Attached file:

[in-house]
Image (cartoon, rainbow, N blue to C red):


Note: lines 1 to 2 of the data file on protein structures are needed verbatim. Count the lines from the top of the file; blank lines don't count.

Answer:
[in-house]
Image (cartoon, rainbow, N blue to C red):